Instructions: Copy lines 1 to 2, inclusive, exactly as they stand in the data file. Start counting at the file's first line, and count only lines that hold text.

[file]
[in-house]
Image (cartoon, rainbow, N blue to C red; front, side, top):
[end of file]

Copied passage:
[in-house]
Image (cartoon, rainbow, N blue to C red; front, side, top):